Those critical sites are homes for more than 3,000 individuals and families.

    The data shows a pervasive problem at a time when the city is grappling with how to keep thousands of units open with a $1.73-billion funding gap.

    Of the 364 developments, more than 100 were offloaded onto the city by the province more than a decade and a half ago without money needed to cover the repairs. Of the buildings in the critical and poor categories, more than a third were downloaded by the province.

  • Back in August, Yasmine Laarsroui wrote for Torontoist about the potential for the housing co-op model to help solve the Toronto housing crisis.

  • Those affected by the lack of rent controls left young professionals, like reporter Shannon Martin, with no option but to turn to more extreme alternatives, such as couch-surfing.

    Young people seeking more reliable housing options are turning to co-op housing—at least, those lucky enough to get a unit.

    Toronto renter Donald Robert moved into Cabbagetown’s Diane Frankling Co-operative Homes in September 2016 and speaks highly of his experience.

    Robert pays $1,300 for a large two-bedroom unit with access to an underground parking and a small gym, almost $500 cheaper than the average one-bedroom unit in Toronto. Robert explains that, “the best part though has been the community here. Everybody says ‘hi.’”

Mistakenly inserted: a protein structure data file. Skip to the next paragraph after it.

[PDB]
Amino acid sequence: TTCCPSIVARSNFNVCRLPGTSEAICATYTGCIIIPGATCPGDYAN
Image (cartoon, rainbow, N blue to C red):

• Also back in April, John Lorinc wrote in Spacing about the oft-overlooked musicality of the lost neighbourhood of The Ward.

  • If you try to imagine your way back into the early 20th century streets and laneways of The Ward — the dense immigrant enclave razed to make way for Toronto’s City Hall — you might pick up the sounds of newsies and peddlers hawking their wares, the clanging of the area’s junk and lumber yards, and shrieking children playing on the Elizabeth Street playground north of Dundas.

    Those streets would also reverberate day and night with a jumble of languages — Italian, Yiddish, Chinese. The dialects and accents of these newcomers were considered to be not only “foreign,” but also proof (to the keepers of Toronto’s Anglo-Saxon morality) of the area’s worrisome social and physical failings.